King Balak wanted the Seer to curse the children of Israel for him. God clearly told Balaam‘…you shall not curse the people, for they are blessed’ (NUM 22:12). This shows us that God’s blessing on the people of Israel was in fact indelible or permanent. One thing should be clear though, although this blessing cannot be undone, it can be made redundant by our own disobedience.

As children of the New Covenant of God, we have been blessed by the works of Jesus on the cross. By believing in him and living the way he said we should, we become just as Israel was, blessed by God. Jesus himself said, ‘Blessed are they who hear the word of God and keep it’ (LUKE: 11:28).

So the blessings of the fruits of the spirit, abundance and good health are already within everyone who walks with God even if they may not seem apparent. If we continue to believe, we will eventually see the manifestations. We should therefore rejoice in knowing that no one can curse what God has blessed and He has blessed us!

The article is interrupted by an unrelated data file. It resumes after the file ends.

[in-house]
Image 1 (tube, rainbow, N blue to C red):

The children of God posses the boldness, strength and power of a lion

In the second revelation Balaam receives, God likens Israel to a Lion. He says: ‘Behold, a people! As a lioness it rises up and as a lion it lifts itself’. Israel by themselves could do nothing. The likeness to a Lion they possess is really the Spirit or presence of God. Similarly, as believers we can do nothing on our own (JHN 15:5).

On the other hand if we let God lead us and walk according to his will, we shall be as a Lion in the wilderness since the Spirit of God dwells in us.

We posses the attributes of a lion; boldness, because we have an Almighty God walking with us, strength because when we are weak the Lord is our strength (2 COR 12:8-10) and power because we have been given authority over ALL the power of the devil (LUKE 10:19).

[i] Moab was eventually destroyed after they enticed the children of Israel into idol worship.